NAME:___________________________

Laboratory section number (or day/time):___________________________

PHYS345 Second Midterm Exam December 2, 1999

This is a closed book exam.

Programmable calculators and graphing calculators may be used during this exam.

Since this exam booklet may be separated for grading; it is important to:

Show ALL work on problem sheet and only on that sheet.

Credit may be lost inadvertently if solutions are not neat and orderly.

Be careful with units, signs, and significant figures.

1. (20 points)

1. Find the combination of logic gates to implement this truth table using the fewest number of gates. Draw a circuit schematic. (Two point bonus for four or fewer dual-input gates!)
 DC\BA 00 01 11 10 00 1 1 1 1 01 1 0 0 0 11 1 0 0 0 10 1 0 0 1

2. Construct a truth table proof to demonstrate that A'.B + A.B' = A XOR B

A B 0 0 0 1 1 0 1 1

3. A simple inverting amplifier of gain 26 dB has been constructed from a good op amp, an input resistance of 500 ohm, and a feedback resistance of 10k. The amplifier is used to drive a current through a 1k load resistance. When 100 mV is applied to the input,

• What is the current through the input resistor?

• What is the current into the inverting terminal?

• What is the current through the feedback resistor?

• What is the current through the load resistor?

• What is the current through the output of the amplifier? Source (out) or sink (in)?

2. (20 points)

In the PHYS345 lab you notice a partially completed 2-bit counter. You recall a recent conversation where the instructor was extolling the virtues of an enable line to control whether the counter would count up or count down. That is, when E is true, the counter should count up through the states in the repetitive sequence 0, 1, 2, 3 and when E is false, the counter should count down in the sequence 3, 2, 1, 0.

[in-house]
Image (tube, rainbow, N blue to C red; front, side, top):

Complete the circuit diagram so that it works as desired; that is, set up the D input of flip-flop 0.

Truth table for the three-input exclusive NOR gate:
  A     B     C   XNOR 0 0 0 1 0 0 1 0 0 1 1 1 0 1 0 0 1 1 0 1 1 0 0 0 1 0 1 1 1 1 1 0

3. (20 points)

At a different workstation in the PHYS345 lab you notice the 2-bit counter shown. It is different from the circuit you designed in the previous problem but you are interested in learning what it does.

Construct the timing diagrams below to ascertain the state diagram for both E=1 and E=0.

 Complete the state diagram to show the behavior of this 2-bit counter for E disabled. Complete the state diagram to show the behavior of this 2-bit counter for E enabled.

4. (20 points)

1. We were forced to replace a RF (radio frequency) power amplifier in the cavity dumper electronics of a picosecond dye laser in my research lab this semester. Because the high frequency involved (38 MHz) dictates impedance matching between elements, all input and output impedances, as well as the load of the cavity dumper, are 50 ohm. If the open-circuit voltage of the preamplifier is 1.5 V, what voltage gain (in dB) is needed in the power amp to deliver a power of 7 W to the cavity dumper load?

2. We were able to buy a suitable off-the-shelf amplifier for \$995; however, its gain was 40 dB. We added an attenuator to reduce the overall gain to the value desired above. What attenuation (in dB) was added?

3. Design a simple attenuator (passive voltage divider), with total resistance of 50 ohm, that will provide the attenuation above.

5. (20 points)

1. Design a differentiator circuit that will have a gain of 25 dB for a 100 mV signal at 200 Hz. Available for the design are good quality op amps, a 1.0 mF capacitor, and a wide range of resistors.

2. What is the input impedance seen by the signal for your circuit?

3. The differentiator can be used to suppress sources of noise at frequencies lower than the signal of interest. For a noise source of 10 mV at 60 Hz and the signal above, what is the improvement in the signal-to-noise ratio (in dB) when the differentiator is used?

"http://www.physics.udel.edu/~watson/phys345/exams/mid2-99f.html"
Last updated April 25, 2005.
Copyright George Watson, Univ. of Delaware, 1999.